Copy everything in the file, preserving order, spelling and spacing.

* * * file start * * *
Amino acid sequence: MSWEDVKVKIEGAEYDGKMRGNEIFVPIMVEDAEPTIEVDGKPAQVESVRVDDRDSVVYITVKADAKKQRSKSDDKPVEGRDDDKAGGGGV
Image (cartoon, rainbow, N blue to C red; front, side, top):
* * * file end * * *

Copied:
Amino acid sequence: MSWEDVKVKIEGAEYDGKMRGNEIFVPIMVEDAEPTIEVDGKPAQVESVRVDDRDSVVYITVKADAKKQRSKSDDKPVEGRDDDKAGGGGV
Image (cartoon, rainbow, N blue to C red; front, side, top):